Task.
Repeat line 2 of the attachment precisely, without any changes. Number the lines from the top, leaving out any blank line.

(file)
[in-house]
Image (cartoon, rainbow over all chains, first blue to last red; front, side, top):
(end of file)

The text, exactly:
Image (cartoon, rainbow over all chains, first blue to last red; front, side, top):